Lots of car companies offer factory-built racecar versions of their production cars, but they’re often aimed at the ranks of high-end pro racing. Porsche, Mercedes-Benz AMG, BMW and, of course, Mazda all offer racecars assembled with the backing and wherewithal of an OEM. But there’s another European builder that offered a factory version of a car that doesn’t really exist on the street.
The Audi RS3 LMS is a front-drive sedan TCR package offered with a turbocharged 2.0-liter four-cylinder engine, with all the development details tidied up like only a factory effort can bring. The street-going RS3 used a five-cylinder engine and all-wheel drive. Prices when new were about $130,000.
According to Strom Motorsports principal, Brett Strom, who drives and supports the car in the NASA Western Endurance Racing Championships series, the car’s owner David Depillo had an MX-5 Cup Car, but was really looking for something quicker, more substantial and something with paddle shifters.
“We talked at length about running it at IMSA, and he wanted to do something a little bit more than club racing, but in particular he just liked the price point of the car,” Strom said. “It was a factory built car, which is what I like about it too, while being paddle shifted, because he doesn’t really like driving a manual, which seems to be a pretty common thing these days among people.”
They ended up focusing their efforts on the NASA WERC series, where they won five of five races in E0 and took the 2019 E0 Championship. They made it look easy, in a sense, but the team has had to do a lot of testing and experimentation with setup. According the Strom, the right setup, the way to get the car to be its fastest is not readily apparent, and the team had to find out through trial and error and, finally, with help from other teams in professional racing.
“There’s some tricky little things you do with them that are not intuitive that I actually didn’t even figure out on my own. I figured it out from other IMSA teams, and that makes the car a hundred times better,” Strom said. “That car on paper just doesn’t seem like it should have that amazing of specs. And I got to be honest too, I’ve watched a lot of people run those things without a good setup on it. It’s very alignment finicky, kind of. If you have the wrong toe or the wrong camber in it, that car is terrible. You can do whatever you want with the shocks and the spring rates are generally fine, you just kind of leave them alone, but if you have the wrong alignment settings, that car is awful.”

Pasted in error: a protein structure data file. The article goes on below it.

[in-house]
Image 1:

The team detuned the car for E0. It makes about 285 horsepower at the wheels, but the engine can make up to 350. In that trim, the car is well-suited for endurance racing because the fuel mileage is excellent. Where the car really shines, however is in fast turns. The aerodynamics package on the car makes it really stable in high-speed turns like, say, Riverside at Buttonwillow, turns 2 and 9 at Willow Springs or the entire west side of Utah Motorsports Park.
“Because of it being a front wheel drive, and it’s like 64% front weight bias, but the car has really good aero, so it’s always quite stable, and it’s front wheel drive so you’re not going to spin it out around a corner in that regard,” Strom said.
Inside, the car has all the hallmarks of a factory-built racecar: precision work, excellent paint, carbon fiber and tidy equipment. One piece of equipment that looks like it came out of a drift car is the rear handbrake lever. Because the car is front drive, it’s difficult to get heat into the rear tires. The handbrake operates the rear brakes only, and it’s used to warm up the brakes and tires.
“A lot of what puts heat into the tires sometimes is the brakes, and the ratio of braking power is, I don’t know, 80 percent front,” Strom said. “On your out lap, you drag that handbrake to try and put more temp in the rears than what would happen if you just hit the brakes normally.”
Because the car is front drive and because of the way the car is set up to work best, the driver has to adjust the brake bias to compensate for tire wear and fuel load. The car has two ways to adjust bias: one is with the knob that adjusts the valves between the two masters, and then there’s a hydraulic block for the rear so you can do quick adjustments if it starts raining.
“We use it in endurance races where when you start you’re running a lot of your bias and then you’ll find that the car is 45 minutes, hour in, or like at Miller was particularly bad, when the rears were three hours old, you had to significantly push the bias back towards the front, because otherwise you would trail brake down to turn one and the car would just want to step out on you all the way in,” Strom said. “So keeping that car going quickly, the bias is very important. And if you don’t run enough rear bias starting out on the front tires, you’ll drive the front tires off the thing, which is always a challenge. That’s the biggest challenge on those cars, is just keeping the front tires on it.”
|Weight:||2,750 lbs. w/o driver|
|Engine/Horsepower:||285 (detuned for E0)|
|Suspension Front:||Bilstein double adjustable|
|Suspension Rear:||Bilstein double adjustable|
|Tires Front:||Yokohama 285-650-18, medium compound|
|Tires Rear:||Yokohama 285-650-18, medium compound|
|Brakes Front:||AP Racing Radi-Cal Pro 5000, six-piston caliper, 380 mm rotors|
|Brakes Rear:||Stock rear rotor with two-piston AP Racing caliper|
|Data system:||AiM MXG dash, Motec C125 data acquisition|
|Sponsors:||SSF Autoparts, Yokohama Tire, LiquiMoly, Strom Motorsports, Lending Link, Brembo, Motec.|